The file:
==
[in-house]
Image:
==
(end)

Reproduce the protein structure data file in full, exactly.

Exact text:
[in-house]
Image: